Thousands of Southwest Flights Canceled
Since Friday night, Southwest Airlines has canceled over two thousand flights; it is the airline with the most passengers impacted this holiday weekend, affecting tens of thousands more than any other airline. Weather and air traffic control problems, according to the airline, were to blame for the canceled flights.
Southwest Airlines canceled almost 1,000 flights on Sunday and slightly more than 800 flights on Saturday, disrupting thousands of customers' weekend travel plans.
According to FlightAware, the airline canceled 24 percent of all scheduled flights on Saturday, a record high. Southwest has canceled or delayed hundreds of flights by Sunday afternoon, according to the company.
"We experienced weather challenges in our Florida airports at the beginning of the weekend, challenges that were compounded by unexpected air traffic control issues in the same region, triggering delays and prompting significant cancellations," the airline said in a statement on Sunday. "We've continued diligent work throughout the weekend to reset our operation with a focus on getting aircraft and crews repositioned to take care of our customers."
Southwest went on to say that recovering from the interruption has been more difficult than expected since the airline is running fewer flights than it did before to the epidemic, making it more difficult to rearrange customers' trips.
In a statement on Sunday, the Federal Aviation Administration stated that it had had a temporary lack of air traffic control personnel but that the situation had been addressed for some time.
"Flight delays and cancellations occurred for a few hours Friday afternoon due to widespread severe weather, military training and limited staffing in one area of the Jacksonville Air Route Traffic Control Center," the agency said. "Some airlines continue to experience scheduling challenges due to aircraft and crews being out of place."
Over several days in June, Southwest experienced significant interruptions, blaming technical issues both internally and with an external weather data provider. Crews were unable to make it to the aircraft on which they were supposed to work due to the delays, aggravating the situation.
Southwest's pilot's union issued a statement on Saturday stating that it was aware of the numerous cancellations on the airline. In a statement last week, the union expressed its opposition to the airline's recent decision to require vaccination against the coronavirus. Still, it claimed that the cancellations were not the result of any pilot protest.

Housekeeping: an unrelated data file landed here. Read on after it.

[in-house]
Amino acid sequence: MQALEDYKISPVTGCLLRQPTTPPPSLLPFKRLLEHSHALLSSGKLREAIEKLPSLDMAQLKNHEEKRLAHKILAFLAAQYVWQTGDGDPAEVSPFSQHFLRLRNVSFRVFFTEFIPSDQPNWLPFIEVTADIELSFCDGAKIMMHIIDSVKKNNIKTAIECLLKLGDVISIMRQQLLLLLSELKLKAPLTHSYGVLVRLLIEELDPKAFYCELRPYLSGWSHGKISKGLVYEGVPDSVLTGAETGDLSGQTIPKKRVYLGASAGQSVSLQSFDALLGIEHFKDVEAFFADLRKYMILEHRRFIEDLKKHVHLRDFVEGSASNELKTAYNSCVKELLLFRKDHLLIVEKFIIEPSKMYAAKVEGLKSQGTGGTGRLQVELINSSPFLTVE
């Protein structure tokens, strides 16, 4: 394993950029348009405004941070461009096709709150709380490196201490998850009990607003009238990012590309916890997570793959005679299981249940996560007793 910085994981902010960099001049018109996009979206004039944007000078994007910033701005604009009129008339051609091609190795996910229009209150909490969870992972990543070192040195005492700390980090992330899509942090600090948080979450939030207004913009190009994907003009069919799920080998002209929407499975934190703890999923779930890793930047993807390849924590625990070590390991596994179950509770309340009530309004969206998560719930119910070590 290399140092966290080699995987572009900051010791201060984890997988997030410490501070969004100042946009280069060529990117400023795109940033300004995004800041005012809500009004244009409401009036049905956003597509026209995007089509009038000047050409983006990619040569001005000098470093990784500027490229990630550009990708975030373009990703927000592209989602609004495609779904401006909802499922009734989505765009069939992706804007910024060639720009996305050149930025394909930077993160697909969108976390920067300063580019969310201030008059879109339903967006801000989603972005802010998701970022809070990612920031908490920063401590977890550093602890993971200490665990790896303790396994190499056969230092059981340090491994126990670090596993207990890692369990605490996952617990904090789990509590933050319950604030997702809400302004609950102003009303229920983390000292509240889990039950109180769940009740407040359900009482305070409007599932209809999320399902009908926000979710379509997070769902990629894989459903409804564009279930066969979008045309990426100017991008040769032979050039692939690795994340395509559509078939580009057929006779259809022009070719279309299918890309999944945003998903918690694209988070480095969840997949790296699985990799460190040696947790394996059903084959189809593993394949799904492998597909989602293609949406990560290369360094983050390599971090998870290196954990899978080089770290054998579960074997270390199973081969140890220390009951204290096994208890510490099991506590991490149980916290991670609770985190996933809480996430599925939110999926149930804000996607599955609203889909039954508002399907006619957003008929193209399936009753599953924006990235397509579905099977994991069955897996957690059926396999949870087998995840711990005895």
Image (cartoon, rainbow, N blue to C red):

Southwest pilots "always retain the greatest degree of accountability to their crews, their customers, and our airline," according to the union, which claims that management's "poor planning" and other external obstacles have caused them to "continue to overcome."
A request for feedback from the union representing Southwest flight attendants did not respond right away.
Southwest said last week that it would join many of its rivals in mandating all workers to get vaccinated, with a deadline of Dec. 8 for compliance being set for the company. Southwest has said that the requirement is required to continue doing business with the government after President Biden's directive requiring all major federal contractors to get the immunization.
"Southwest Airlines must join our industry peers in complying with the federal government's Covid-19 vaccination directive," the airline's chief executive, Gary Kelly, said in a statement announcing the mandate. "I encourage all Southwest employees to meet the federal directive, as quickly as possible, since we value every individual and want to ensure job security for all."
Pilots union had cautioned that enforcing such a requirement might result in labor shortages and flight delays, even though it did not oppose immunization. The union is suing the airline for a series of "unilateral measures," including vaccination.
U.S. airline United Airlines, which was the first major carrier to impose a vaccination requirement, recently announced that nearly all of its 67,000 employees had been vaccinated, with the exception of about 2,000 who had applied for religious or medical exemptions and fewer than 250 who could be fired if they do not comply with the mandate.
Several more airlines have subsequently joined the group, including American, Alaska and JetBlue Airlines (JBLU).
According to Delta Air Lines, employees who do not get immunization will be charged $200 extra per month for health insurance, which will not mandate vaccination.
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